Callahan said the investigation determined that neither the county agreement with ICS Construction of St. Louis to serve as the primary contractor nor the subcontract received by SM Mechanical conflicted with federal law.

“In a perfect world investigations are conducted behind closed doors so reputations are not necessarily sullied or damaged,” Callahan said. “Obviously, this investigation had a more public aspect to it because the chief of police requested it.”

Fitch said all of the controversy could have been avoided had Dooley listened to him when he questioned Dooley about Sansone’s involvement in the project in January 2013.

“It was clear to me all along that this was a violation of the charter; what was not clear was how did they get there,” Fitch said. “And that’s what an investigation is for.”

Dooley, however, laid blame for the Sansone probe on politics.

Stenger, he said, “bought into” the accusations that Sansone used his position to improperly gain the crime lab subcontract and “Bob McCulloch piled on. And they all knew there was nothing to the allegations. They all knew it wasn’t true.”

Stenger, the county executive-elect, and McCulloch could not be reached for comment Tuesday.

Sansone has said there was no conflict with the contract and his position on the police board. He could not be reached Tuesday.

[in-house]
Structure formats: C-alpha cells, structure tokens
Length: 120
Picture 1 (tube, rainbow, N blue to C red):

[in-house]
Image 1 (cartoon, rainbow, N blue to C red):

Sansone eventually resigned from the board, sparking further controversy as replacement candidates nominated by Dooley for the Sansone seat and two other vacancies either withdrew their names or were rejected by the County Council.

McCulloch, once a Dooley supporter, entered the fray by calling on the incumbent not to seek re-election. The prosecutor then backed Stenger, an endorsement that contained accusations of corruption in the Dooley administration.

Dooley’s Chief Operating Officer Garry Earls criticized McCulloch on Tuesday, saying, “This is a guy that took 10 weeks to consider all the evidence in the (Michael) Brown case before drawing a conclusion, but he immediately concluded SM Mechanical was corrupt just because there was a complaint.”

With no resolution of the case by the FBI, the Sansone saga carried into 2014 with the unexpected departure of Fitch.

In the run-up to the August primary, the allegations of corruption against Dooley resurfaced in a Stenger television advertising campaign that featured McCulloch leveling further accusations of corruption.

On Aug. 5, Stenger handily defeated Dooley.

Dooley on Tuesday said he feels vindicated by the backlash that grew out of the Brown grand jury decision to not indict Ferguson police Officer Darren Wilson.

McCulloch “is a liar,” Dooley said. “The truth is not in him. And the whole nation knows that now.”

Christine Byers of the Post-Dispatch contributed to this report.

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Steve Giegerich is a reporter for the St. Louis Post-Dispatch.